Neutrinos are among the most poorly understood particles of the Standard Model. Their existence was first postulated by Wolfgang Pauli to explain the properties of β decays. In a theory with just nucleons (neutrons and protons) and electrons, β decay proceeds as
n → p+ + e-
If the neutron is at rest, conservation of momentum and energy require that nearly all the energy go to the electron. Both the proton and electron will show a monoenergetic energy spectrum. In reality, a range of energies is measured, with the electron spectrum showing a maximum (endpoint) energy where the monoenergetic peak should be. To explain this, Pauli proposed the existence of a third particle that participates in the interaction:
n → p+ + e- + ν̅e
This third particle does not interact much, so it can carry momentum and energy away from the decay without being detected. It must be electrically neutral to satisfy conservation of charge and nearly massless to maintain the endpoint energy. Hence, the neutrino (little neutral thing) was created. It was several decades before neutrinos were finally definitively discovered by searching for their emission from a nuclear reactor at Savannah River.

In the Standard Model, neutrinos only interact through the weak interactions. They are realized as parts of weak isospin doublets along with the left-handed charged leptons. The weak SU(2) gauge symmetry of the Standard Model creates interactions between these doublets and the W bosons. Interactions where a neutrino is transformed into a charged lepton (or vice versa) are known as charge-current interactions because charge is transferred between the different interacting particles. For example, we can look at a charge-current quasi-elastic (CCQE) reaction of a neutrino scattering off of a neutron:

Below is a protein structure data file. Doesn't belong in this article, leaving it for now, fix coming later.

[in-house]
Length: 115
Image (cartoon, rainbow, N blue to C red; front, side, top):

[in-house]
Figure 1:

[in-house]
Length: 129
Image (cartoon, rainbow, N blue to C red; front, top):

n + νe → p+ + e-
The interaction with the W boson allows the electron neutrino to be converted into an electron. The neutron is converted into a proton to maintain charge conservation, with the charge carried by the W (quarks have their own weak isospin doublets). Interactions with the Z boson (the third boson associated with the broken weak SU(2) symmetry) allow for things such as elastic scattering of neutrinos, neutrino pair production, and neutrino-antineutrino annihilation.